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UConn 2000 bond issue
to go on sale this month
March 1, 1999

The fourth UConn 2000 bond issue, worth about $80 million, will be offered for retail sale March 26-29, Wilbur Jones, UConn's vice president for business affairs and finance, announced last week.

During the retail order period, anyone can purchase the bonds, which are sold in denominations of $5,000. Bonds not sold during the retail trading period will be sold to institutional investors, says Jones.

For more information on the fourth UConn 2000 bond issue, click the button to go to the State Treasurer's website.

Since the advent of UConn 2000, a program believed to have helped attract thousands of new students and top scholars and faculty to the campus, brokers have sold more than $300 million in University of Connecticut general obligation bonds to finance UConn 2000 projects.

Among the projects financed to date by bond sales are the new chemistry building, a new heating and cooling plant, the new downtown Stamford Campus and the North Parking Garage. Also during that period, workers have converted Fairfield Road to a pedestrian mall, and started the first phase of construction on new buildings for the physics and biology departments, the Marine Sciences Institute at Avery Point, and the agricultural biotechnology building. UConn also has bought a building at the Waterbury campus.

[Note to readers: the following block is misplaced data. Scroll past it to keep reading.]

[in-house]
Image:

The bonds, which are issued by the University and backed by the state, also have financed nearly $40 million in renovations and classroom reconstruction, as well as the purchase of more than $46 million of equipment purchases and library acquisitions.

Special obligation revenue bonds, which were issued and liquidated solely by the University, were sold to finance construction of South Campus.

The UConn 2000 program, signed into law in 1995, will total more than $1 billion, including a matching endowment program, during the course of 10 years. Currently, new buildings for the schools of pharmacy and business, a renovated and expanded student union, a variety of renovation projects to several residence hall complexes, and more renovations to academic buildings and equipment purchases are slated to occur during the second phase of the program.

Funding for the additions to the School of Fine Arts, a new central warehouse, and the Student Recreational Facility were in the form of State of Connecticut general obligation bonds outside the UConn 2000 program. The new UConn Foundation Building, being built adjacent to the Centennial Alumni House, is privately financed.

Richard Veilleux